Friday, October 9th, 2020: Every weekday, Ballotpedia tracks the news, events, and results of the 2020 presidential election.
Here’s the latest from the campaign trail.
Share the latest from the campaign trail.
Presidential Race Ratings
Sabato’s Crystal Ball updated its race ratings on October 8, 2020:
- Arizona moved from Toss Up to Leans Democratic.
- Georgia moved from Leans Republican to Toss Up.
- New Hampshire moved from Leans Democratic to Likely Democratic.
– David Polyansky, Republican strategist
“Democrats worried about whether Senator Kamala Harris would play prevent defense had their fears alleviated within the first 30 seconds of the debate. Harris showed exactly why Vice President Joe Biden selected her to be his running mate. When pressed on foreign policy, a topic that has tripped up many a nominee, Harris didn’t just appear in command of the issue, she articulated a clear and cogent doctrine that Americans all over the country could understand. She was presidential.
Harris chopped away at the Trump administration with the precision of a surgeon and the bite of a seasoned attorney—all while smiling. The women in my life felt seen on a stage in Salt Lake City. It meant something to them. The Democratic nominee for vice president came for Mike Pence and didn’t miss.
– Michael Starr Hopkins, Democratic strategist
Week in Review
|Biden on the campaign trail
||Trump on the campaign trail
Trump discharged from Walter Reed Medical Center, could return to campaign trail on Saturday
Donald Trump was discharged from the Walter Reed Medical Center and returned to the White House on Monday evening after receiving treatment for COVID-19. In a video posted to Twitter, Trump said of the coronavirus, “Don’t let it dominate you. Don’t be afraid of it. You’re going to beat it. We have the best medical equipment. We have the best medicines, all developed recently.”
Trump’s physician, Sean Conley, said in a statement on Thursday, “Saturday will be day 10 since [last] Thursday’s diagnosis, and based on the trajectory of advanced diagnostics the team has been conducting, I fully anticipate the President’s safe return to public engagement at that time.”
Trump said he wanted to hold a campaign rally in Florida on Saturday if his campaign could organize it in time. He also said he wanted to make a stop in Pennsylvania on Sunday.
Presidential debate schedule in flux as campaigns disagree over timeline, format
The Commission on Presidential Debates announced on Thursday morning that the second presidential debate would take place virtually “in order to protect the health and safety of all involved.” Moderator Steve Scully would conduct the town hall-style event with attendees asking questions in Miami, while the candidates participated remotely.
The Joe Biden campaign agreed to the virtual format. Donald Trump said in an interview on Fox Business that he would not participate in a virtual debate.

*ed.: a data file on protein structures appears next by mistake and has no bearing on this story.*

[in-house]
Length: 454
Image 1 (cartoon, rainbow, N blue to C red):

Trump campaign manager Bill Stepien said, “We’ll pass on this sad excuse to bail out Joe Biden and do a rally instead,” In a second statement, Stepien said the second debate should be moved to Oct. 22 and the third moved to Oct. 29.
The Biden campaign rejected the proposal to move the third debate, saying in a statement, “We look forward to participating in the final debate, scheduled for October 22, which already is tied for the latest debate date in 40 years. Donald Trump can show up, or he can decline again. That’s his choice.” ABC News also announced it would hold a town hall with Biden Oct. 15.
The Trump campaign issued another statement on Thursday evening, calling for the second debate to go forward in-person as originally planned. The commission said that it would not reconsider its decision to make the second debate virtual.
Harris, Pence debate coronavirus response, SCOTUS, and economy
Kamala Harris and Mike Pence debated in Salt Lake City, Utah, on Wednesday night. The candidates discussed the coronavirus pandemic, economy, climate change, China, foreign policy, abortion, healthcare, race, and the election.
Pence spoke for 36.5 minutes, while Harris spoke for 36.4 minutes. Here are highlights for each vice presidential candidate with a focus on policy. The following paraphrased statements were compiled from the transcript of the debate.
- Harris called Trump’s response to the coronavirus pandemic the greatest failure of any administration. She said Trump and Pence knew the virus was airborne and deadly in January 2020 and did not provide Americans with the information they needed. She said Biden’s coronavirus plan focused on contact tracing and testing. She said she would take a vaccine if public health officials recommended it.
- Harris discussed her career as a state attorney general and senator. She said voters had a right to know about the president’s health and tax records. She said Trump was $400 million in debt. Harris said Biden would repeal Trump’s tax bill and not raise taxes on anyone making less than $400,000 a year. She said Trump rode the coattails of the economic recovery Biden created. She said Biden did not want to end fracking. She said Trump was trying to end the Affordable Care Act and that this would eliminate protections for people with preexisting conditions.